I saw it from the interstate, the old, neglected, neon, motel sign sitting along old Route 66. I had to exit and go back.
The old motel was as neglected as the sign. This place hasn’t had a patron in ages. The old lobby was being used as a shop of sorts, and the open sign was on.
Sometimes when I take shots of things like this I’ll ask permission, hopefully meeting someone interesting along the way.
The nice lady who ran the place is a painter and the little store was full of pottery she had painted as well as an inventory of blanks waiting their turn. The smell of paints and chemicals filled the place.
She explained that her family had bought the place and lived there. As she pointed out various trailers around the main building she let me know “my dad lives behind in that one and my sister is over in that one. I’m on the side, there.”
After a short chat, she gave me permission to take pictures of the old sign.
As I walked out, a man I presumed to be her father walked over and we started talking cars. He ran through a list of regrets, like the 1955 Lincoln Zephyr he let go for $50. There were a few Packards on the list, too. I don’t remember them all, but anyone who is into cars can relate to “the one that got away.”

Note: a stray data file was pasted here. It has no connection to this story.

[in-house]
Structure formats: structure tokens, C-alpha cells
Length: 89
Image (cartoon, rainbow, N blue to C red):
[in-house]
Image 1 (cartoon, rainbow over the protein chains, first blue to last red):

“Can I take your picture?” I asked, scoping out a position that would allow me to get him, the sign, and maybe a hint of my ride. I shook his hand and introduced myself and he told me his name is Ken Poteet.
He is a pleasant guy and was glad to oblige me as he walked over and leaned against my Volkswagen.
We continued to talk as I snapped away. Being film, not digital, the definition of “snapped away” is more like “I took a few shots of him.”
We talked about Oklahoma, where he was raised, cars, and anything else that bubbles to the top.
“I remember Pearl Harbor,” he said, which would have been random and out of the blue were it not December 7th.
“I was 10 years old,” he continued. Then he looked at me with a serious eye and said “That’s what started World War II, you know. It was all over the news.”